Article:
Day 10. I have been calling the 'baby' bird "little B." now instead of "B.B." since it's not really a baby bird anymore.
For the first week, every evening after it's final feed and flying practice, I would place it back in it's nest and rub his neck and it would get sleepy eyes and settle down. It was like tucking it into bed every night.
But the day before yesterday, Little B. kept jumping out of the nest as soon as I put it in, and then would even wriggle out of my hand and kick it's legs like crazy, before I could even place it's feet into the nest.It was like that old Donald Duck and the baby kangaroo cartoon where Donald Duck is trying to get the kangaroo into the bathtub.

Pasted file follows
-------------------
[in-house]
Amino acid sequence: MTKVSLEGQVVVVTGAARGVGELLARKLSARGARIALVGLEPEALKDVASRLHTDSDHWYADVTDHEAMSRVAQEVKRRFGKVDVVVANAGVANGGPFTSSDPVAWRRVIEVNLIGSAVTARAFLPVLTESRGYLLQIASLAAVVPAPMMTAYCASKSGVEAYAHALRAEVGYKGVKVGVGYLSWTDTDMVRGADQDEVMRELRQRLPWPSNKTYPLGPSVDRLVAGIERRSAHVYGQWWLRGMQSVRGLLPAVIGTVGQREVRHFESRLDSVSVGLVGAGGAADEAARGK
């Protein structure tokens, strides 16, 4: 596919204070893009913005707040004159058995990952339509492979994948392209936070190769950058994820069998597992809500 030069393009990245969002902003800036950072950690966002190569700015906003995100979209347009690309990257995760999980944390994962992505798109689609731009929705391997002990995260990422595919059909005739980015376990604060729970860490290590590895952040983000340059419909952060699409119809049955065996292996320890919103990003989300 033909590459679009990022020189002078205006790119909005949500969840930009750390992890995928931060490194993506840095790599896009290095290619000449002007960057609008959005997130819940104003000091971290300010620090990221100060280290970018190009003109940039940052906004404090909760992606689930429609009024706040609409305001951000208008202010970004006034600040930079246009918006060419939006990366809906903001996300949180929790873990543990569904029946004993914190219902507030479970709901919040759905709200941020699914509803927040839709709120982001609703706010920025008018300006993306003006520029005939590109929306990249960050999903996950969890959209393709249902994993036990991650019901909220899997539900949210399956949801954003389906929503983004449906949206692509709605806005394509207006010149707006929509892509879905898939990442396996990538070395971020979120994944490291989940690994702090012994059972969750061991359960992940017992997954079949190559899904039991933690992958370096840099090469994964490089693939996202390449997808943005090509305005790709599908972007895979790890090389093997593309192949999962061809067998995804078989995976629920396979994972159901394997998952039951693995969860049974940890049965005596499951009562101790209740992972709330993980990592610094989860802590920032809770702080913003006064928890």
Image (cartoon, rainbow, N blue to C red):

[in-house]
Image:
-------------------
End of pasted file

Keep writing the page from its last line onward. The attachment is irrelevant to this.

So since Little B. has outgrown it's nest, today I took it out and decked out the cage with native flowers of all sorts! Heheheh, I made a visit to nearby Winthrop Piney Lakes with a pair of secateurs hidden under my arm, and a cloth bag, and got every native flower I could see.
Little B. looked pretty happy, checking out it's new plants.
I read some Australian bird identifying handbooks today at the bookshop, and I found out I definately have a Singing Honeyeater, NOT a Brown Honeyeater like I first thought. Figures, as Singing Honeyeaters are one of the most common in the South West and generally around Australia. But I love it's little chirpy singing chatter.
In the books there were photos of the Honeyeater feeding on nectar from the inside of those tubular flowers. But I watched Little B. peck and pull at the flowers from all sides on the outside, even trying to eat the petals to no avail, I tried to show it by using the metal prong I've been feeding it food with, but it still hasn't really figured out how to eat the nectar inside the tubular flowers yet.